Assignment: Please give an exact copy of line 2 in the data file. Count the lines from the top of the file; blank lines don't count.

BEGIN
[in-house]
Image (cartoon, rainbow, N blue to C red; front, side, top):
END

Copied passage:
Image (cartoon, rainbow, N blue to C red; front, side, top):